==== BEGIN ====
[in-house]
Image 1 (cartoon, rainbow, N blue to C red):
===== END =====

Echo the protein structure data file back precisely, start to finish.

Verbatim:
[in-house]
Image 1 (cartoon, rainbow, N blue to C red):